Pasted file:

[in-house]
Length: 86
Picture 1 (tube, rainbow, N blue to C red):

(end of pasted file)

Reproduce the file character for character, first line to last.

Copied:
[in-house]
Length: 86
Picture 1 (tube, rainbow, N blue to C red):